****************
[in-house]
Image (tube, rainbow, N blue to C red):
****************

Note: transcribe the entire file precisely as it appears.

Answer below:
[in-house]
Image (tube, rainbow, N blue to C red):